Many microscopes, such as the compound microscope described above, are designed to provide images of certain quality to the human eye through an eyepiece. Connecting a Machine Vision Sensor, such as a Charge Coupled Device (CCD) sensor, to the microscope so that an image may be viewed on a monitor presents difficulties. This is because the image quality provided by the sensor and viewed by a human eye decreases, as compared to an image viewed by a human eye directly through an eyepiece. As a result, conventional optical systems for examining biological material often require the careful attention of a technician monitoring the process through an eyepiece. Real time images via a monitor are of poor quality.

While a scanning electron microscope can provide highly magnified images of biological material, there are several limitations associated with scanning electron microscope images. For example, it is difficult to impossible to provide real time images of a biological material. Scanning electron microscopy is typically a destructive technique, preventing further use of the imaged sample. A scanning electron microscope is a large apparatus requiring dedicated facilities, and is not portable.

SUMMARY OF THE INVENTION

The imaging system and methods of the present invention enable at least one of finer and more precise biological material image sampling; greater working distances thereby not interfering with manipulation of biological material samples; closed circuit, web based, and remote monitoring of biological material imaging; and automated process control of biological material imaging systems and methods. For instance, using the biological material imaging system of the present invention enables the improved identification of cancerous cells in a tissue sample, the improved identification of an unknown pathogen from a powder, the improved classification of cells as normal or abnormal, and the improved diagnosis of diseases/illnesses.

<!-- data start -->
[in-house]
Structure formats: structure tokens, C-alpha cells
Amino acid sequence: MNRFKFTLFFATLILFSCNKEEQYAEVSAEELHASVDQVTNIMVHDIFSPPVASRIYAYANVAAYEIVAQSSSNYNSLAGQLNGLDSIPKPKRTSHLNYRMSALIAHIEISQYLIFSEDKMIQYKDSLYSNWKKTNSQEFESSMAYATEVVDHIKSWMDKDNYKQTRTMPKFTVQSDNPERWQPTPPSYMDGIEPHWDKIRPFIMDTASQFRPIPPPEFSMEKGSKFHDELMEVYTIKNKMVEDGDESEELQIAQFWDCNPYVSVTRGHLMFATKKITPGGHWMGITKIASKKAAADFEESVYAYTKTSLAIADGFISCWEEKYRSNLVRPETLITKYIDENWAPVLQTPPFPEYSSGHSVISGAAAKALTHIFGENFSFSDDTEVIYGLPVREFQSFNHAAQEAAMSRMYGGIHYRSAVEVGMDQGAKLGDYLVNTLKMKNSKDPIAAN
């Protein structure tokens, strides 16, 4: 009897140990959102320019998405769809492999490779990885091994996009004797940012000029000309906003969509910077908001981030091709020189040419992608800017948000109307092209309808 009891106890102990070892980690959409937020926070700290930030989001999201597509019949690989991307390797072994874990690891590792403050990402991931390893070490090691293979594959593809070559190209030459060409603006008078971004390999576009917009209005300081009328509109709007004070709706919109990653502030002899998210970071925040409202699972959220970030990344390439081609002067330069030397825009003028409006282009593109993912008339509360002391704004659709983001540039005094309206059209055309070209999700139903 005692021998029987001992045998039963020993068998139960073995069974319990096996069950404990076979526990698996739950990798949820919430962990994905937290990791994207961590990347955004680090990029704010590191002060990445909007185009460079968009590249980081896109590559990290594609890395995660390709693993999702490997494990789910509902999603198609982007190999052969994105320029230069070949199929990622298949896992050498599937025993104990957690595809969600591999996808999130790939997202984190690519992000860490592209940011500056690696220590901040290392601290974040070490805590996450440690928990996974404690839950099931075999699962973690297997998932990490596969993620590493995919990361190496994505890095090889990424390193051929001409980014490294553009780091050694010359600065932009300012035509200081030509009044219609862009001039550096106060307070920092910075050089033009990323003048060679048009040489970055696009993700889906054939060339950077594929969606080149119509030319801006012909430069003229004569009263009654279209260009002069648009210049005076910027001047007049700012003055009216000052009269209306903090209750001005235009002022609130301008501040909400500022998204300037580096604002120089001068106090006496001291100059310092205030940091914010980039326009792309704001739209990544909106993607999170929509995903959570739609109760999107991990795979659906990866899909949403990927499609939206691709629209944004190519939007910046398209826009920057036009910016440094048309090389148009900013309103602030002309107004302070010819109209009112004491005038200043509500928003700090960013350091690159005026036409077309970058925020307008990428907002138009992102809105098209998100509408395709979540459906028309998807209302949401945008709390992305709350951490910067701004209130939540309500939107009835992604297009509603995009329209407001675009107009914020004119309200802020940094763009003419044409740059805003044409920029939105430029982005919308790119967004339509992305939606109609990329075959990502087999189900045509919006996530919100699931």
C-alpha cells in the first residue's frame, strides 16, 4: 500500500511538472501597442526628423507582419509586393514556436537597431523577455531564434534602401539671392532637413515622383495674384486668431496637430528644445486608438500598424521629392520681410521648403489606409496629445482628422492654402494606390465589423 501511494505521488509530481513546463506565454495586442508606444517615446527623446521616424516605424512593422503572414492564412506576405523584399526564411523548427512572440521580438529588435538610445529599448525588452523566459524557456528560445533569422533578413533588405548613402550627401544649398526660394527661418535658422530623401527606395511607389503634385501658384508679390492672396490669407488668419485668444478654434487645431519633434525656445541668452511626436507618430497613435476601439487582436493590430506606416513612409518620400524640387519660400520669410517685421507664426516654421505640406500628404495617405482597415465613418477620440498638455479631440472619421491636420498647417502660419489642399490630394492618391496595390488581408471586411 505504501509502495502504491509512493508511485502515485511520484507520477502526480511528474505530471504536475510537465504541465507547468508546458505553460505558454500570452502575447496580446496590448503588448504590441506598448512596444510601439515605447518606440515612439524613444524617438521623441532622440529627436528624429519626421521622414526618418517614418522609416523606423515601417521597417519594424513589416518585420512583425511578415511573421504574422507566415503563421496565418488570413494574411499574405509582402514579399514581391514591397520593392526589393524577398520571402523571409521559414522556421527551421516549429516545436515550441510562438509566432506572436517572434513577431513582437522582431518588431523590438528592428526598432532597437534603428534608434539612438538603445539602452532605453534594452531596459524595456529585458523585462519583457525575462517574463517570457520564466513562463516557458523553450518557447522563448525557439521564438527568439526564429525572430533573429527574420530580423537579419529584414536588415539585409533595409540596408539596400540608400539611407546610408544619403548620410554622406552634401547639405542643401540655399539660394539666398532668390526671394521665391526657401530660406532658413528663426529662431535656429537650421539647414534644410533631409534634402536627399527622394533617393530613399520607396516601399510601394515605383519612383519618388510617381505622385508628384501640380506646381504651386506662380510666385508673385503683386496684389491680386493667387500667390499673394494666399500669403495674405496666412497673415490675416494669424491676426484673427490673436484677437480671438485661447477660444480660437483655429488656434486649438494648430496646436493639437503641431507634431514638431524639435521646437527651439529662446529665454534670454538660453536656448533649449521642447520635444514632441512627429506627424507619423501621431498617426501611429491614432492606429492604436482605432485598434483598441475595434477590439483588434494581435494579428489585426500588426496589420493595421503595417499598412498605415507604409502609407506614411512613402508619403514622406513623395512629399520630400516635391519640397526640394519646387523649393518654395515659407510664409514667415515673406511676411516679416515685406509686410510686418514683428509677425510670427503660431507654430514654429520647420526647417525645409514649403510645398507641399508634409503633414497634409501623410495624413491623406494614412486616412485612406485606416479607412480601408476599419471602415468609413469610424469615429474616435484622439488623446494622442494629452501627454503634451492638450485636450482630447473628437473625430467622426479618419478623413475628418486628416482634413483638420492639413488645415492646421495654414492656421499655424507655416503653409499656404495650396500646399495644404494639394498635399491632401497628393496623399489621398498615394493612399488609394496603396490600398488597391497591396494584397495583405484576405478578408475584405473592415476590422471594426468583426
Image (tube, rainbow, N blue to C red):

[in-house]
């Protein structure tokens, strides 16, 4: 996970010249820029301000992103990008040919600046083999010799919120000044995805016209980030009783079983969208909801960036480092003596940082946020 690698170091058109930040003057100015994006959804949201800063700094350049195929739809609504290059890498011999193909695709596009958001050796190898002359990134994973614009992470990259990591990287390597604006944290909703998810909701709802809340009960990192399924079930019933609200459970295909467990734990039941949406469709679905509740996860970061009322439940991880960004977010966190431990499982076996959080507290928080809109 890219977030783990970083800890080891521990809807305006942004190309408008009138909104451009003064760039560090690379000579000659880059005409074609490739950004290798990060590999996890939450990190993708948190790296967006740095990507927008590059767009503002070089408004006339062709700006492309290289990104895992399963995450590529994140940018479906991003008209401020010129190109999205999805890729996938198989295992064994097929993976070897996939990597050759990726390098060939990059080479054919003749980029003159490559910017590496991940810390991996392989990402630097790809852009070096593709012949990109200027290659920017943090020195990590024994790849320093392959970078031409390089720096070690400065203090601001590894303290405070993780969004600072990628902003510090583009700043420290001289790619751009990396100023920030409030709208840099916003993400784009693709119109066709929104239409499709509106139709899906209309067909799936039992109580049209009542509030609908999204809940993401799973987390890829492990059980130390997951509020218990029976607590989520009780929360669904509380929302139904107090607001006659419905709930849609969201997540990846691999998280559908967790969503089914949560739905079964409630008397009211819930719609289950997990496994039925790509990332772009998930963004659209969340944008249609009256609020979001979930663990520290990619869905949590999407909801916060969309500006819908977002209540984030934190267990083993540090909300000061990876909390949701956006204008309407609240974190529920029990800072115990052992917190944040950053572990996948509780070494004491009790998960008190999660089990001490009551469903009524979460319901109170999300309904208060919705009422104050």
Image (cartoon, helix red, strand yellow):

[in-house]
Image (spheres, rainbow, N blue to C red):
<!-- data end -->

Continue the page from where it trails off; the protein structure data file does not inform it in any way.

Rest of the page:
BRIEF SUMMARY OF THE DRAWINGS

FIG. 1 is a schematic block diagram illustrating a biological material imaging system in accordance with an aspect of the present invention.

FIG. 2 is a diagram illustrating a k-space system design in accordance with an aspect of the present invention.

FIG. 3 is a diagram of an exemplary system illustrating sensor receptor matching in accordance with an aspect of the present invention.

FIG. 4 is a graph illustrating sensor matching considerations in accordance with an aspect of the present invention.

FIG. 5 is a chart illustrating exemplary performance specifications in accordance with an aspect of the present invention.

FIG. 6 is a flow diagram illustrating a biological material imaging methodology in accordance with an aspect of the present invention.

FIG. 7 is a flow diagram illustrating a biological material imaging methodology in accordance with one aspect of the present invention.

FIG. 8 is a high level schematic diagram of a biological material imaging system in accordance with one aspect of the present invention.

DETAILED DESCRIPTION OF THE INVENTION

A novel imaging system that provides high effective resolved magnification and high spatial resolution among other features of biological material and methods are combined to provide improved biological material imaging systems and methods. The biological material imaging systems and methods of the present invention enable the production of improved images (higher effective magnification, improved resolution, improved depth of field, and the like) leading to the identification of biological materials as well as the classification of biological materials (for example as normal or abnormal).

According to one aspect of the present invention, a k-space filter is provided that can be configured from an image transfer medium such as optical media that correlates image sensor receptors to an object field of view. A variety of illumination sources can also be employed to achieve one or more operational goals and for versatility of application. The k-space design of the imaging system of the present invention promotes capture and analysis (e.g., automated and/or manual) of images having a high Field Of View (FOV) at substantially high Effective Resolved Magnification as compared to conventional biological material microscopes. This can include employing a small Numerical Aperture (NA) associated with lower magnification objective lenses to achieve very high Effective Resolved Magnification. As a consequence, images having a substantially large Depth Of Field (DOF) at very high Effective Resolved Magnification are also realized. The k-space design also facilitates employment of homogeneous illumination sources that are substantially insensitive to changes in position, thereby improving methods of examining biological material.